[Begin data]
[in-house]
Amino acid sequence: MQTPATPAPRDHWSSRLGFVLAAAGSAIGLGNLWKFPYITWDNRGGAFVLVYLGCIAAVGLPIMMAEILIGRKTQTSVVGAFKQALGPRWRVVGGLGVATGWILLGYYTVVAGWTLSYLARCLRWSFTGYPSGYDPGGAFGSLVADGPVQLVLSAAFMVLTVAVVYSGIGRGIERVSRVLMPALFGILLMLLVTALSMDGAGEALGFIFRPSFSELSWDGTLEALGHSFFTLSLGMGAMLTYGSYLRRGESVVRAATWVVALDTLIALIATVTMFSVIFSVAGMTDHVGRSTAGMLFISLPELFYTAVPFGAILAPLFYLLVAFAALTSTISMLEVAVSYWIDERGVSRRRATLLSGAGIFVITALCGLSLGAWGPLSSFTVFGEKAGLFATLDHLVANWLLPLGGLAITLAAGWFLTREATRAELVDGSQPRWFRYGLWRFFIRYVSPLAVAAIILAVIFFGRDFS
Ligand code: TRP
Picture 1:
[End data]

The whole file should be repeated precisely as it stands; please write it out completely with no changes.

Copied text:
[in-house]
Amino acid sequence: MQTPATPAPRDHWSSRLGFVLAAAGSAIGLGNLWKFPYITWDNRGGAFVLVYLGCIAAVGLPIMMAEILIGRKTQTSVVGAFKQALGPRWRVVGGLGVATGWILLGYYTVVAGWTLSYLARCLRWSFTGYPSGYDPGGAFGSLVADGPVQLVLSAAFMVLTVAVVYSGIGRGIERVSRVLMPALFGILLMLLVTALSMDGAGEALGFIFRPSFSELSWDGTLEALGHSFFTLSLGMGAMLTYGSYLRRGESVVRAATWVVALDTLIALIATVTMFSVIFSVAGMTDHVGRSTAGMLFISLPELFYTAVPFGAILAPLFYLLVAFAALTSTISMLEVAVSYWIDERGVSRRRATLLSGAGIFVITALCGLSLGAWGPLSSFTVFGEKAGLFATLDHLVANWLLPLGGLAITLAAGWFLTREATRAELVDGSQPRWFRYGLWRFFIRYVSPLAVAAIILAVIFFGRDFS
Ligand code: TRP
Picture 1: